6. That's great Rushdoggie...I'm really glad you've achieved what you wanted with your dogs!! Great that you foster also!! It's easy to get heated in the discussions but anybody who is working with there dogs and achieving that relationship I applaud :) Thanks for sharing, I really am curious about your perspective.


    I think my views come mostly from rooting my philosophy in stockwork...I love it most over any activity with my dog. It's so natural and the act of completing tasks together with my dog, well it's just awesome!! I do competitive obedience with my one bc because we just have a cool reltionship and he LOVES to do something special with just me....but I mostly spend my time working sheep. This, to me, is very "natural" to the dog...the whole act of stock work, person..dog..working together...for countless years, so peaceful. And in stockwork there is no such thing as doing so with NO CORRECTION, whether it comes from the sheep or the handler...these dogs with such heart have can take amountain of pressure and still come back wanting more. So to say that corrections or not right or somehow can damage a relationship with your dog, would mean that I couldn't believe in what I was doing...


    And like I said, from my experiences, and observations in life...that's just what makes sense to me...I couldn't imagine not dicsiplining my kids...or communicating to them in some way that what they are doing isn't ok?? That doesn't DEFINE me as a person..or as a trainer for choosing to correct my dogs...that doesn't or shouldnt erase the 99% of other positive things I do to motivate my dogs, encourage my kids, etc..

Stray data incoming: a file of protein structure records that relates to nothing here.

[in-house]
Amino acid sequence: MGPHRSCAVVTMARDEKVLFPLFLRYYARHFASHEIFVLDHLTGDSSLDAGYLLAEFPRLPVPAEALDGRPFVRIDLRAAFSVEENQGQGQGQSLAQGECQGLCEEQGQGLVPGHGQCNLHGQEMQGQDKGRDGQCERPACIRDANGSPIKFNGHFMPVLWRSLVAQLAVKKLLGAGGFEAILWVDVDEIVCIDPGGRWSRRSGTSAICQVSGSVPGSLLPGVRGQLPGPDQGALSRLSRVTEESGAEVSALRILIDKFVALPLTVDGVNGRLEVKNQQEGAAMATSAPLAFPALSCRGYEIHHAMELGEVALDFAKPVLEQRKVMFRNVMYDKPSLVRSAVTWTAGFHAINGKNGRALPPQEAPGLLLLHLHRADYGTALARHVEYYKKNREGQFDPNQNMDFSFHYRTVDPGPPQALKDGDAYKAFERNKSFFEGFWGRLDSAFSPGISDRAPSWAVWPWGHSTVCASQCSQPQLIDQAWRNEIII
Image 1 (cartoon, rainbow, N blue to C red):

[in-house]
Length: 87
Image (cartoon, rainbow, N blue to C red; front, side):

I can actually appreciate the people I know who take the time and energy to really teach dogs using "positive only" training....I just don't think it's the best way, and that's where we disagree :)

  7. I apologize Rushdoggie if I offended you or ruffled your feather, i am feeling the same way...sigh, such is the nature of dogs and training, etc. People get all emotional...


    I would LOVE to attend a Denise seminar, I'm always eager to learn other awesome trainers perspectives, and add more tools to my "bag o tricksA" when training!!! Like I said though, almost all of what I saw her doing in her videos is similar to how I and others raise and train...like I said, 98% motivational..building drive, etc.


    I'm trying to tell you, without offending you, that what you were doing with your dog with the fronts IS WHAT I was doing with mine!! I don't use a clicker but a verbal marker "yes" and reward when he gets it right, especially for precision type training such has fronts and finished, crooked sits, and minor heeling issues I'm working on..OR..learning new behaviors. So, since I was trying to tweak the fronts I was using a verbal marker and treat when he got it right....he knew he wasn't right by me not saying anything because he would keep fixing himself. But the way the chain of behaviors played out he still wasn't getting that I needed him to get it right, the first shot. That it wasn't ok for him to come in, fix himself, etc..he needed a verbal marker at the exact right moment telling him.."nope" not it...would HELP him get it right...and repeat...ONLY getting the high value reward when he got it right the first shot....


    Yes it was me who posted my friend giving collar pops on a different post....it was to show that the dog was not dying and surely wasn't damaged mentally from having a tug on the collar...of course you know nothing about the history or this young dog or how she chooses to train 995 of the the other things she is teaching, but she is "Labeled" as a correction based trainer because she gives a few collar pops?? That doesn't even begin to describe how she trains...and fyi- the dog is off the prong and pops and coming along quite awesomely...